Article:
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MG Reviews

Cecil Kimber was manager of Morris Garages in Oxford when he commissioned some sports cars to be built on a Morris chassis in 1923. Their appeal prompted more models and MG soon became one of the favourite pre-war British performance marques. In 1952, it joined BMC and introduced the much-loved MGA, then the MGB, which was produced from 1962 to 1980.

After the Abingdon factory was closed, MG existed only as a badge on hot Austin saloons until the MG RV8 of 1992 announced the proper rebirth of the badge. The mid-engined MGF was an exciting return to form. Since it went into administration in 2005, MG has been Chinese-owned, first by Nanjing Automobile Corporation (NAC), then Shanghai Automobile Industry Corporation (SAIC).

Good: Dignified pre-war style, plenty of tuning potential
Bad: Slow in standard guise
Good: Truly charming roadster that drives better than you'd imagine
Bad: Cramped and basic - but that's the appeal!
Good: Handsome styling, known B-Series engine and running gear
Bad: Sportier to look at than to drive
Good: Beautiful styling, fast in Twin Cam form
Bad: B-Series engine feels unsporting, Twin Cams are fragile
Good: Cheap and simple to fix, good parts availability, nice interior
Bad: Stolid to drive
Good: Immense fun, cheap and cheerful, especially to fix
Bad: Many are rotten, and values are low, which means few are restored properly
Good: Good to look at, fun to drive, amazing parts availability, the archetypal classic roadster and coupe
Bad: They're not uncommon - if you like to be different, an MGB is not for you
Good: Good roadholding and ride, great steering, many parts shared with the Mini
Bad: Rust and difficult servicing
Good: Nice sounding six-cylinder, easy high speed cruising, lots of tuning potential.
Bad: Heavy thirst
Good: Elastic performance, ease of driving, nice soundtrack
Bad: Engine tightly packed in its bay, so servicing can be difficult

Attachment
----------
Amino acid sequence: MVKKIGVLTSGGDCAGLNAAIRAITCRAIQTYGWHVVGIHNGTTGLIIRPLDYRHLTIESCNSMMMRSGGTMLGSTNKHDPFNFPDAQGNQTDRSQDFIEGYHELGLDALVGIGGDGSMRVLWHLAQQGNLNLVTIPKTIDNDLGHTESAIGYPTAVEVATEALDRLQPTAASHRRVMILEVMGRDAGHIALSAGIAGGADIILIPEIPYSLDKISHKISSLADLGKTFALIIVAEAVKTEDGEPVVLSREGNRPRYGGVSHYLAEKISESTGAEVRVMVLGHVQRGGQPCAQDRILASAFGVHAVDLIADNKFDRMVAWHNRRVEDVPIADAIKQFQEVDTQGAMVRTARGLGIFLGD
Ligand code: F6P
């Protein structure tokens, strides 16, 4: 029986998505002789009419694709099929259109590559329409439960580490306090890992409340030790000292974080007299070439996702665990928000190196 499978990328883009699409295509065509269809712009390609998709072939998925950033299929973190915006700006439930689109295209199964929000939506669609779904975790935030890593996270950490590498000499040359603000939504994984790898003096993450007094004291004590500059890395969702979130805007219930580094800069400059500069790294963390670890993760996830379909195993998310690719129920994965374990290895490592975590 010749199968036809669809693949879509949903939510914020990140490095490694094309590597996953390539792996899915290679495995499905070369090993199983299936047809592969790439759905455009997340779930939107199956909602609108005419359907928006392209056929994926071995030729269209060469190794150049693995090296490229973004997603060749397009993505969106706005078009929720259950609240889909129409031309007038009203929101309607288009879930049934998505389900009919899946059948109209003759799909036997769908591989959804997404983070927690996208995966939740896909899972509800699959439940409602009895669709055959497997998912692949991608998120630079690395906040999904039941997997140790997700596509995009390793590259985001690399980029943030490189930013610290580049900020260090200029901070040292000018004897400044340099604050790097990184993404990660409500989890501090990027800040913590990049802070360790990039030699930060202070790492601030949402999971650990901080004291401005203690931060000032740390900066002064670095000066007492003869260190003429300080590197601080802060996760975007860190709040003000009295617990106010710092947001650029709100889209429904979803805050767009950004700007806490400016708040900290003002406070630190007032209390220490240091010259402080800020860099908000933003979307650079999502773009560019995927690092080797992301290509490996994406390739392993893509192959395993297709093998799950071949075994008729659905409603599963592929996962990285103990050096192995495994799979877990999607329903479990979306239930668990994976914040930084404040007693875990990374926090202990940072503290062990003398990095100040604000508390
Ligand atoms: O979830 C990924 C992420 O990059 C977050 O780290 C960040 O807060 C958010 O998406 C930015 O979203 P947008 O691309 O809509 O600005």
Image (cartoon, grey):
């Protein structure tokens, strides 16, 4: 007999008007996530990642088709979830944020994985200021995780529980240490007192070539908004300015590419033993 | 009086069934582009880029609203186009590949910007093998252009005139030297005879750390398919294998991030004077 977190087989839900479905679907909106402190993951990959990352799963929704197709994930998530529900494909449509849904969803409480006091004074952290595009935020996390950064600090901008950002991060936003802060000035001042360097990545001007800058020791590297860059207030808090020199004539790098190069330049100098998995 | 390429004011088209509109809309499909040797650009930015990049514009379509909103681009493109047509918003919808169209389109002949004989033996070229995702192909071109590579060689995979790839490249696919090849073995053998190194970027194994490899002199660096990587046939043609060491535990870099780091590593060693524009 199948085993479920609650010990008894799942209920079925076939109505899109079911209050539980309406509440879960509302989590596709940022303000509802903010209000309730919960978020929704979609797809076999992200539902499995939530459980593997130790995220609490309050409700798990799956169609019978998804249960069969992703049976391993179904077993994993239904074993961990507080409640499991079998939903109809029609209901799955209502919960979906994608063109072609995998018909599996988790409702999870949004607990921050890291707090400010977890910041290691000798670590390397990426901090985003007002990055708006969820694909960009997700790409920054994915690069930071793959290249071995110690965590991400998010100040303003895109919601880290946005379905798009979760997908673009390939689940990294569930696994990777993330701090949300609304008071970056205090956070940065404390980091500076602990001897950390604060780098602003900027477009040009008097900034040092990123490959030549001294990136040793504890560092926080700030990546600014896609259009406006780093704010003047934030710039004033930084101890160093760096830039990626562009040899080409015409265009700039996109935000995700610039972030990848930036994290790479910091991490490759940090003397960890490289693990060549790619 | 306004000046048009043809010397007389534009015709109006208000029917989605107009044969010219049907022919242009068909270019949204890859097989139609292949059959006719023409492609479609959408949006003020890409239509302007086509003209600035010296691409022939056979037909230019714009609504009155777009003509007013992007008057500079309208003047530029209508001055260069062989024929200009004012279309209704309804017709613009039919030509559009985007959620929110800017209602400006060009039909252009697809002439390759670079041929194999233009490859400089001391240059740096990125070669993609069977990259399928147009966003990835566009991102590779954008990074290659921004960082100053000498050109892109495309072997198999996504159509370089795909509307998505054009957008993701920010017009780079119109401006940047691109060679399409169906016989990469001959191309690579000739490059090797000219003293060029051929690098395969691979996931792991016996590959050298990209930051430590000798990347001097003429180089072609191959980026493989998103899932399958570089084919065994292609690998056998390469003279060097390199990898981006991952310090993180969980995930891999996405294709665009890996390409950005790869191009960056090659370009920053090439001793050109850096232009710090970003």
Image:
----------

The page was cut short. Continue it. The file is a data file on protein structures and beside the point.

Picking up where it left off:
Good: Go-kart like handling, brilliant steering, turbo performance
Bad: Cramped in the back, needs a five-speed gearbox, very few left
Good: Good to drive, quick and economical
Bad: Lack of build quality and cosmetic rust
Good: Roomy, fast and good to drive
Bad: Shocking build quality and corrosion
Good: Great looks, easy - and surprisingly rapid - performance, brilliant parts availability, a perfect exhaust note, lots of very nice examples for sale
Bad: In standard form the RV8 isn't what you would describe as a driver's car, but if you want that combination, buy a TVR Griffith
Good: Practical everyday roadster with a surprising amount of luggage space for a mid-engined car, decent handling, plenty of used ones around
Bad: Build quality problems, head gasket failure is common, fared very badly in customer satisfaction surveys
Good: Decent ride and rewarding handling. ZT190 is quick while the V8-engined rear-drive 260 hugely entertaining. Proving reliable and now quite cheap. Excellent club back-up.
Bad: Odball spares can sometimes be tricky to source. V8 undeveloped.
Good: Enjoyable handling. Good pace from the 180 version.
Bad: Four-cylinder K series engines are prone to overheating and head gasket failure.
Good: Quick enough in 160 guise. Tidy handling.
Bad: Overheating and head gasket failure with K series four-cylinder engines. Not that roomy.
Good: Good looks, excellent handling and strong brakes. 160 quick enough. Good crash test rating. Better drive than MGF.
Bad: Head gasket problems with K-series four-cylinder engines. Dash trim feels cheap. No glass rear window.